Stardew Valley’s multiplayer is wonderful, despite a lack of challenge


It can hard to share control of the things we love. Particularly if the thing we love is a well-oiled jam production machine, a great act of industrial agricultural that brings in tens of thousands a day. Or maybe that’s just us. At any rate, resist those selfish urges, because now you can expand your farming enterprises ever further with the addition of multiplayer to Stardew Valley.

How Stardew Valley uses theme park design to keep you busy

Multiplayer has been a long-awaited feature, and as of this week it has officially entered open Beta testing. The new multiplayer system is quite simple: one player hosts a new co-op farm and invites up to three other people. These people are Farmhands, and they each get a little shack on the property to sleep in. You can then farm, fish, raise animals, make friends and scour the mines – just like real friends do.

You can pool your resources and work on the same project, or split up and take on different tasks in different locations. Money is shared between all players while inventory space and relationships with NPCs are specific to each player. If you’re worried about the game becoming too easy, during farm creation you can adjust the profit margins on all items to keep things challenging.

Playing Stardew Valley multiplayer is such a simple change, but it completely changes the dynamic of the game. While in the base game it’s easy to become overwhelmed and continually run out of time, in multiplayer you can distribute your workload. The speed at which you can get a large crop hoed, planted and watered while working together is exhilarating, even in the early stages of the game.

Stardew Valley

By the third day, we had already managed to plant a large crop, gathered up enough wood to repair the bridge on the beach, and clear out a huge section of overgrown land. Traversing the mines is also considerably faster, allowing tons of ore and stone to be gathered in a short time-frame. For some, playing the game this way might not offer enough challenge as, even with the profit margins shoved way down, gathering materials needed for crafting and building is just so much easier.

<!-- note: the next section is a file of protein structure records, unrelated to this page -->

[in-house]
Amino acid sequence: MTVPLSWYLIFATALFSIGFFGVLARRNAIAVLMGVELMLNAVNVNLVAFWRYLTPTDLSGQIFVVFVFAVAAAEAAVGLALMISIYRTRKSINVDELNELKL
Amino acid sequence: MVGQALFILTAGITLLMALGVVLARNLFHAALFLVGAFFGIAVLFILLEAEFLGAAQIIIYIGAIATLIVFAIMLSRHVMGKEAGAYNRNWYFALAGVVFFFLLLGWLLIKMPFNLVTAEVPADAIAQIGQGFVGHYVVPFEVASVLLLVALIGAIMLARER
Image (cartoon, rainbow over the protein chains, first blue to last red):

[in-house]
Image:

You can invite players to an existing farm by building cabins for them to sleep in, but building a new farm with another person is a great multiplayer experience, too. We encountered some lag, with infinite or long loading screens, crashes, characters jumping around, and delayed item drops from cutting down trees and the like. But this is forgivable considering the multiplayer mode is still in beta, and will hopefully be ironed out soon.

There’s more than just multiplayer stuff here, too: this big update also brings in a slew of new single-player features. A new Winter event, the Market Festival, additional character cutscenes and interactions, a mysterious new type of collectible, and horse hats. Hats for your horse. Put a hat on that horse. Just do it. The new multiplayer is the star of the show though, it opens up exciting possibilities and gives players a whole new reason to sink hundreds of hours into their rural farm away from home (or, indeed, expand your jam empire).